Advertisement
YOU ARE HERE: LAT HomeCollectionsArrests

Nuclear Whistle-Blower Vanunu Arrested in Israel

The man who served an 18-year prison term for divulging reactor details is taken from a church and again accused of giving up secrets.

November 12, 2004|From Associated Press

JERUSALEM — Heavily armed police commandos Thursday stormed an Anglican Church compound in Jerusalem and arrested nuclear whistle-blower Mordechai Vanunu on suspicion of revealing classified information.

Vanunu, who served an 18-year prison sentence for treason and was released seven months ago, was taken before a magistrate, who ordered him confined to the church hostel under house arrest for seven days.

"This is a disgrace to Israeli democracy!" Vanunu shouted to journalists as he was led into court. "They want to punish me again. They cannot punish me twice. I suffered 18 years in prison. I have the right to be free."

Analysts said the arrest of Vanunu -- who has repeatedly defied orders not to give interviews -- may be an Israeli attempt to suppress discussion of its nuclear program at a time of increasing international efforts to block Iran from developing nuclear weapons.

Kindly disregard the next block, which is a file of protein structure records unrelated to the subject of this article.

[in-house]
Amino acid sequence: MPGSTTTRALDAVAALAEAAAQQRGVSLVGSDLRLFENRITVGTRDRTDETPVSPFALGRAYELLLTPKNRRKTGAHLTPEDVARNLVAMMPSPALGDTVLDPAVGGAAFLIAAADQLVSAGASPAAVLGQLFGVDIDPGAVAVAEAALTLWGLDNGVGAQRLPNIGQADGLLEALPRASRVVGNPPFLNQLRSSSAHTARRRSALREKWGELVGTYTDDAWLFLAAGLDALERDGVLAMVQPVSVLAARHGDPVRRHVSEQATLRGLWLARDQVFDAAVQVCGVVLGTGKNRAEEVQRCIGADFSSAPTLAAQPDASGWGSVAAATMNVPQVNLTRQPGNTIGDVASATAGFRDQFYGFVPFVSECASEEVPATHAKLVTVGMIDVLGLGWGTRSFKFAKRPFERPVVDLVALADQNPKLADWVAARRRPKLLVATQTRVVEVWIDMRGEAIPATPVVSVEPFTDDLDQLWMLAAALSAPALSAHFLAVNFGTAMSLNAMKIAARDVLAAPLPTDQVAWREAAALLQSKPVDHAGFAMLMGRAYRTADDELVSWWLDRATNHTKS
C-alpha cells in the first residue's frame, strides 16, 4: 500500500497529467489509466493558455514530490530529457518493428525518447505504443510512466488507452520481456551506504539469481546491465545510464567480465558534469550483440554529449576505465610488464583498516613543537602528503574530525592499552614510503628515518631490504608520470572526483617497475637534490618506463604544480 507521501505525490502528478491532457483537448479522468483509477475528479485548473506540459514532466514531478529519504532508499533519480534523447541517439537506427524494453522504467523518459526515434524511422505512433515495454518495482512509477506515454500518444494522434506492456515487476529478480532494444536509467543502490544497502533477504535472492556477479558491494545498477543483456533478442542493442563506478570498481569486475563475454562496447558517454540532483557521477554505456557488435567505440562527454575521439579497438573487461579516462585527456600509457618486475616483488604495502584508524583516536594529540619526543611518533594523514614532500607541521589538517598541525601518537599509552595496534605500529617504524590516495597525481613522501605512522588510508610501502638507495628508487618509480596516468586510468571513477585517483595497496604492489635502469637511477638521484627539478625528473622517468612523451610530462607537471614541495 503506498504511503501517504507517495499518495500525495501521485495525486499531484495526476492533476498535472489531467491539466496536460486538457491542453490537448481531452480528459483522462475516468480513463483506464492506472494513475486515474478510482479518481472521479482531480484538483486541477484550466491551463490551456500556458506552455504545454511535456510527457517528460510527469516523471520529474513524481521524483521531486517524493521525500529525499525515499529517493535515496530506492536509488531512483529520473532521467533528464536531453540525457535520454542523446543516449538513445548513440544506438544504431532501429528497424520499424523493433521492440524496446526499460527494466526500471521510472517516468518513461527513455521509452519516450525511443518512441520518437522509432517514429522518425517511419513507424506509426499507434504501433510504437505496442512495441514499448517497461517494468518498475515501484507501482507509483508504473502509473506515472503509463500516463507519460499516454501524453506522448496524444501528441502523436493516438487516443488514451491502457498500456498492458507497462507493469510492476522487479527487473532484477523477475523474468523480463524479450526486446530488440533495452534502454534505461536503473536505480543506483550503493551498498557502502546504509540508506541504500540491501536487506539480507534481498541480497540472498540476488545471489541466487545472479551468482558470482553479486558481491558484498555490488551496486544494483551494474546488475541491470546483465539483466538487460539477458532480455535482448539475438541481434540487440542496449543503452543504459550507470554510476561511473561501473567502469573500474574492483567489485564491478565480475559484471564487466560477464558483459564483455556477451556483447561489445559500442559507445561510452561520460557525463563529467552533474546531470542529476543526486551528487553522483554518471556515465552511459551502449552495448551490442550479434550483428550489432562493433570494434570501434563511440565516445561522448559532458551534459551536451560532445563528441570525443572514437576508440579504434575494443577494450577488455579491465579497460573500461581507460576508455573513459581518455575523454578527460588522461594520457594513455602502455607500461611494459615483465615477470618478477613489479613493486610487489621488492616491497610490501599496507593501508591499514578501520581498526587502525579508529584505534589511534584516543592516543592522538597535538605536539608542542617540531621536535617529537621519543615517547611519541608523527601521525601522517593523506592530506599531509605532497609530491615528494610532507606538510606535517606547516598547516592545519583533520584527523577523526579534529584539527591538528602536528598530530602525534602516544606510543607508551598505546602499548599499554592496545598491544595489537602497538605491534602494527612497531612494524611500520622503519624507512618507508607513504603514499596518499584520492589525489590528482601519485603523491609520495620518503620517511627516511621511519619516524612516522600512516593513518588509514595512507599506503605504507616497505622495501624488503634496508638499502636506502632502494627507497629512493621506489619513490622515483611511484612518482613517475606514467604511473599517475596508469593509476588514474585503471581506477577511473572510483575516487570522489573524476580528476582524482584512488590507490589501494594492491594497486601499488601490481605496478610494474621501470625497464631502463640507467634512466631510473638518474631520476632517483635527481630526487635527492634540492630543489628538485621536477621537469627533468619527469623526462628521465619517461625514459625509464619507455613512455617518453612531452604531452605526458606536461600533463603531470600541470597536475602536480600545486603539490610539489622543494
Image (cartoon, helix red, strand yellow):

Israel has followed a policy of nuclear ambiguity, neither confirming nor denying it has nuclear weapons.

Vanunu was convicted in 1988 for divulging information and pictures of the Dimona reactor where he worked. The details, published in London's Sunday Times, led experts to conclude that Israel has the world's sixth-largest stockpile of nuclear weapons, including hundreds of warheads.

Vanunu, 49, was released from prison in April after spending much of his sentence in solitary confinement for disclosing those secrets.

On Thursday, about 20 police commandos wearing bulletproof vests and carrying machine guns burst into the walled compound of St. George's Cathedral, where Vanunu had taken sanctuary upon his release, and arrested him as he ate breakfast.

Police ransacked Vanunu's room and removed his computer and papers. Police spokesman Gil Kleiman declined to discuss what information Vanunu is suspected of revealing or to whom.

"In the 100 years of the cathedral's history, such an event has never taken place," Bishop Riah Abu El-Assal said in a letter to Anglican leaders.

"This type of entry into a sacred space must not be tolerated ... and we call for the respect of sacred places," he wrote in the letter, which also was sent to Israeli Prime Minister Ariel Sharon.

A spokesman for Sharon, Raanan Gissin, dismissed the church protest, saying police had the right to search wherever necessary.

Vanunu has acknowledged violating his release arrangement, which barred him from meeting foreigners or discussing his work at Dimona, but he said he had no more classified information to reveal.

"I don't have any secrets," he said. "I cannot invent new secrets. Remember, these secrets are now 19 or 20 years old."

Advertisement
Los Angeles Times Articles
|
|
|